Justice for families: My advocacy story

Patricia and her mom
Patricia Keinholz (right) and her mother.

Patricia Kienholz is a very busy woman. She is a single mother of two, an avid learner, working about 70-90 hours a week between her work in the nonprofit sector and helping to run a family-owned business. “I can’t stand idle time, and my brain only slows down when I’m sleeping,” she said. Still, Patricia takes the time to be an Alzheimer’s advocate.

I see advocacy as an obligation more than I do a choice,” said Patricia. Her journey as an advocate was spurred when she, her sister and her mother, were called to Indiana to rescue her uncle Bill, a vulnerable adult with dementia, who was being severely abused and exploited financially. They were told by the state it would be a “seamless transfer” from Indiana to Washington, and came together as a family to deal with the critical emergency. Two years later, they began litigation, which proved to be a complex process of ups and downs. “As we navigated our way through the system, each day was more traumatizing than the day before,” she said.

To give people a little glimpse into how a situation like ours begins and how it can impact an average family on a personal level, imagine for a minute your 87-year-old mother or grandmother. They’re in good health, of strong will and mind, survived the Great Depression and World War II, took preventative measures for longevity, raised a loving family, braved the death of eight siblings and a spouse — and at their finest hour, the moment when all the hard work has paid off, all the bad times are behind them, and days on this earth are truly limited and every moment with this person is cherished — suddenly, they discover their brother is being completely physically and financially exploited. A horror. Everything the person ever worked for is being taken. Their personhood — gone. That’s what happened to our mum. At the point we heard the news, she hopped on a plane to rescue her brother. When she exited the plane, she had completely lost her hearing. The stress of her situation caused her to go deaf,Patricia said.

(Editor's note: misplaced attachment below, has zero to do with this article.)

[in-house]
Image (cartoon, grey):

Patricia's Uncle
Patricia’s uncle, Bill, at Camp Atterbury in Colorado during the Korean War (Dec. 1953)

Stories like this are not uncommon. Stressful situations such as this one often have tertiary side effects, like her mother’s hearing loss, that Patricia says “no one talks about.” As an Alzheimer’s advocate, she hopes that discussions about situations like this become more common.

As an Alzheimer’s advocate and member of the Spokane Dementia Action Team, Patricia finds that people reach out to her to talk about their stories. She began to realize dementia was more prevalent than she ever knew.

“So many wonderful people who care about this problem are helping me articulate things they want to say. They ask me to tell their stories and not to forget about them. Many of them are Alzheimer’s and dementia patients. So as long as I have a voice, I’ll help tell the story. I now wholly appreciate things I always took for granted, things like time to do dishes, the trickle of the faucet when I can sit in the tub for five minutes, or opportunities for focused conversations with my children. The ordinary things become blessings,” she said.

The Spokane Dementia Action Team, works to bring Alzheimer’s and dementia education to local professionals in the healthcare industry. Right now, the Spokane Dementia Action Team is working on a project to make Spokane a dementia-friendly community. As an advocate, Patricia has a few goals:

“My sister and I spend a lot of time talking about what needs to change in the care setting and protocols addressing Alzheimer’s and dementia patients…We have to address the rural people or others who don’t have family or services close by and the corresponding exploitation. As an advocate I hope to change attitudes and increase funding for research and treatment. As just a person, I plan to contribute to policies that ensure protections for vulnerable adults guaranteed by the Constitution. Right now we’re coming up short and it’s never too late to make things better and better.”


Do you want to share your Alzheimer’s advocacy story? On Feb. 19, join Alzheimer’s advocates in Olympia as we press state legislators to fund better care and support and other priority recommendations in the Alzheimer’s State Plan. Registrants receive issue training and lunch before their teams visit Senators and Representatives in the afternoon.

To register, click HERE

For questions about Advocacy Day, contact Peter Newbould: pnewbould@alz.org or 206.529.3867.

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